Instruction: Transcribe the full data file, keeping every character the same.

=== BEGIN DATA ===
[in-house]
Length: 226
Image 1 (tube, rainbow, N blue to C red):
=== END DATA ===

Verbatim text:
[in-house]
Length: 226
Image 1 (tube, rainbow, N blue to C red):